18

Erythema nodosom?

shins, 12-20 year olds, raised erythematous (red) painfull nodules of subcutaneous fat.

19

what is erythema nodosom sometimes associate with?

granulomatous diseases and strep, although most of the time there is no known cause, it goes away on its own eventually.

20

What layers are involved in Squamous cell carcinoma?

Keratinocytes invade down into the dermis, rarely metastasize.

21

what is indicative of keratocanthoma?

rapidly growing dome shaped nodules with a keratin filed center

22

what ususally will cure SCC?

complete excision

23

what is the most common tumor in the western world?

Basal cell carcinoma

24

how invasives is basal cell carcinoma?

locally invasive, arising from basal cells of hair follicles

25

what does basal cell carcinoma look like

pearly borders, papules.

26

what is the growth pattern of BSC?

invasive nests of basaloid cells with a palisading growth pattern

27

Pathology

study of the essential nature and charasteristic of disease, signs, symptoms, complications, patogenesis etc.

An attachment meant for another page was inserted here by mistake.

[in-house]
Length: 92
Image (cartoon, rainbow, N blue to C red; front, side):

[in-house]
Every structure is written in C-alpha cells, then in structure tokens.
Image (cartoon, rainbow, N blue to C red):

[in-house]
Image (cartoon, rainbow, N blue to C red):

28

disease

impairment of the noamal states

29

homeostasis

maitenance of a harmonious environmet within body, cell, etc

30

comorbidity

simultaneous presence of one or more additional disorders that co-occur with primary disease. property of disease that gives it a a specific virulence/sequelae

31

iatrogenic

doctor aquired disease

32

symptoms

subjective from patient view

33

signs

objective from doctors view

34

death

no pulse, heart sound or spontaneous respiration, no nucleus in most cells a cell either

35

sub-clinical

no signs or symptoms of infection because the immune system is keeping the infection down

36

illness

unhealthy condition of the body or mind (sickness/disease)

37

etiology

underlying cause of disease

38

pathogenesis

course that a disease takes from start to finish

39

Morphology

presence/conformation of damaged cells and tissues from the infection